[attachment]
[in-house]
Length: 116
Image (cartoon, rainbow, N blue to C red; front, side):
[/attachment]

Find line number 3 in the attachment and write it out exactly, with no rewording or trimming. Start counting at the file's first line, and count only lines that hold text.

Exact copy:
Image (cartoon, rainbow, N blue to C red; front, side):